Bible readers are familiar with the Shma, the commandment to hear and obey the Torah. When we agree to Shma (Hear!), then we also must agree to Re'eh (See!). One leads to the other, for once we hear it, then we need to see to it. This week's Torah portion Re'eh has a sound-alike that recalls the binding of Isaac and Abraham's naming of the place on Mount Moriah (Ge 22:14). The mountain, which was the later site of the Temple, was named
, which means that Adonai will see for Himself a ram; He will provide; He will see to it. Also, He will be seen on the mountain!
The sound-alike word for
, which means "he sees," is
, which means a shepherd. They are spelled slightly differently in Hebrew, but the thematic parallels explain that seeing to the commandments has a shepherd-like quality. The commandments rest on one's love of Adonai and his neighbor. We are therefore like shepherds who must see to the welfare of those relationships.
A Psalm describes the location of Jerusalem as a relationship. Jerusalem, the site of the Temple Mount, is surrounded by higher mountains. Instead of focusing on the Divine Presence that dwells on the Temple Mount, the Psalmist describes the Holy One as serving like a shepherd, ensuring that His people are enclosed with His protection like a fold of sheep.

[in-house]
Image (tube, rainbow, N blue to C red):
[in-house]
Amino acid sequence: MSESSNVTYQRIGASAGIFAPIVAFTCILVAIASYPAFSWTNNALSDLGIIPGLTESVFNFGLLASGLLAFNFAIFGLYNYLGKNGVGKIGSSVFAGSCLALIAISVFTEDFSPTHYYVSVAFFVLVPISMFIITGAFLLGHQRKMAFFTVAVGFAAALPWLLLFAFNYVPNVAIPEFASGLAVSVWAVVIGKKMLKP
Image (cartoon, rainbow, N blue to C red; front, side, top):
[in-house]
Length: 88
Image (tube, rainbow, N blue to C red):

As the mountains surround Jerusalem,
So the LORD surrounds His people
From this time forth and forever. (Ps 125:2)
In this Torah portion, Deuteronomy 12:5 prophesies that Israel will find a resting place for His Presence within their territories:
Only to the place that the Eternal your God will choose from all your tribes to set His Name-there you shall seek His dwelling place, and go there." (Dt 12:5)
This prophecy and commandment is hundreds of years before David the Shepherd King buys the threshing floor on the Temple Mount and builds Jerusalem! Why not go ahead and identify it as YHVH Yireh or Mount Moriah since the Israelites would have known that such a place existed?
Rabbi Kook points out in his Sapphire commentary (p. 344-347) that perhaps revealing the information too soon would have led to tribal infighting. According to Jewish tradition, King David undertook to locate the place with the help of the Prophet Samuel. There were two clues:
1. It was a place to which one would have
, so it was on a mountain: "You shall arise and
to the place that the Eternal your God will choose." (Dt. 17:8)
2. Moses described it in the territory of Benjamin as a place "dwelling between His shoulders" (Dt. 33:12) As a neck is lower than the head, it would not be the highest point.
According to Psalm 132:1-5, King David's search to "see to" the commandment was relentless and almost tortuous:
Remember David for all his trouble...I will not enter the tent of my house, nor will I go up to the bed that was spread for me. I will not give sleep to my eyes, nor rest to my eyelids -until I find God's place, the dwellings of the Mighty One of Jacob.
A rabbinic allegory says that the High Court suggested a place called